How to build a quality GUI!

John dingo at
Wed Aug 17 05:38:37 CDT 2005

Scott James Remnant wrote:
> On Tue, 2005-08-16 at 19:41 +0200, Emil Oppeln-Bronikowski wrote:
>> -- follow this steps. :-)
> Though this is largely a joke, there's a few points on here I'd actually
> like to reply to:
>  * Always use obscure or poorly drawn graphics for your tool bar
>    buttons, and never put text on them.
> Actually I tend to find that a toolbar button that requires text is a
> perfect example of one with obscure or poorly drawn graphics.  Improve
> the graphic so it's obvious, and get rid of the text.  Or if you have
> too many similar buttons, get rid of some!

What you think is an obvious icon is obscure to me/ Text bridges that gap.

> A good toolbar has a small number of obvious buttons.
> The addition of text is generally useful for Fitt's law, ie. making the
> button bigger and easier to hit with the mouse; so should be limited to
> the first button or two.
>  * Avoid including a preferences or options dialog. Instead, let the
>    user use the standard OS provided text editor or an editor of their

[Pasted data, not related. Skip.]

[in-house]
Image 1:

>    choosing to edit text configuration files. .
> Avoid including a preferences or options dialog.  Instead make your
> software just work!  Preferences are often a sign of poorly designed UI;
> though not always.

My eyes are not as good as yours, I need bigger text. In fact, they've 
deteriorated significantly in the past eight months.

I like courier. Do you?

Do you like the way I lay out my Thunderbird window?

Do you like Evolution? I think it's a heap of rubbish.

Which do you prefer, Gnome or KDE? I prefer KDE and that is why I don't 
use Ubuntu on most of my computer.

How do you configure your email settings? I rarly use mutt because 
configuring it is too hard and the UI is doo different. I prefer PINE.

>  * Begin coding the guts of the program immediately. Designing the UI
>    can come later in the development process.
> Personally this is exactly how I design software, because the UI is the
> hard bit.  The guts should be modular and flexible enough to fit around
> any UI (because after all, one writes them as a library for all types of
> UI).

Both are important. There is a good argument for something that works 
without a GUI but can work with one: this allows for development of 
multiple GUIs.

OTOH a program that doesn't have a UI at all can mostly not be said to 
work at all: Imagine a file-copying program with no UI?

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